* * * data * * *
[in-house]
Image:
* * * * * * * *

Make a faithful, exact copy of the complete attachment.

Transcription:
[in-house]
Image: